Since the movement to transition over to Software-Defined Data Centers (SDDC) is still quite recent, many organizations and particularly the IT and infrastructure teams within those organizations are still trying to assess what the best way of moving forward with your new SDDC is. Even if the move is still work in progress in your organizations (don’t worry, you are not alone), here are some pointers to have in mind to maximize the health of your new Data Center.
SDDC allows compute power, storage and networking to be automatically provided on demand, which supports flexible, rapid-scaling, pay as you go services. In theory, SDDC removes the complexity of hardware and software and the need for managing individual pieces of the kit.
At Runecast, we work with some of the most experienced brains in the SDDC space. We asked them what their top tips for SDDC success were, and this is what they came up with!
VMware provides top hardware suppliers with the “VMware Ready” hardware certification badge. That badge is VMware’s highest level of endorsement for established partners and ensures customers that the hardware they are using, is built, designed and prepared to be used in a VMware SDDC.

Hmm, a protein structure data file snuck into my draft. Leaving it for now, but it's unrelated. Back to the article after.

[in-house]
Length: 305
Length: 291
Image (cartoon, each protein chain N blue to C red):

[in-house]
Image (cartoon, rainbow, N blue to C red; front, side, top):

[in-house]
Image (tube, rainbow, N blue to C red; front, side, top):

In order to achieve such status, a partner company must complete a thorough list of certifications on a wide variety of VMware products. The certifications meant to ensure that the partner organization is fully compliant and SDDC ready and that their products meet VMware standards of quality, security, ease of use, and compliance.
Additionally, you can always check VMware’s Hardware Compatibility List. It is a compendium of all server and IO device hardware that VMware recommends, as well as their recommended driver/firmware level. Furthermore, we will support automated HCL checks in the next version of Runecast. That way, you can have peace of mind knowing you are always up to date.
The VMware Ready logo helps you quickly identify VMware partner products that are optimized to interoperate seamlessly with a virtual infrastructure and have met strict VMware integration standards. We wouldn’t advise taking the risk on non-certified hardware.
Even though SDDC implementations are quite variable, you should not settle for ‘well, it depends’ when looking for design and configuration best practices.
VMware has produced a vast range of White Papers, Design Guides and Reference Architecture document to cover (almost) every use case and scenario.
Where to start? Start at the latest available VMware Validated Design Reference Architecture Guide, which can be found here. Its 200+ pages are designed to provide a validated model for SDDC development, providing detailed design of each SDDC component.
As you know, in IT, being at the cutting edge can, well, cut both ways. Even though companies like VMware spend millions a year in QA, all new major updates require time to be tested by the market and to mature, in order to be enterprise ready.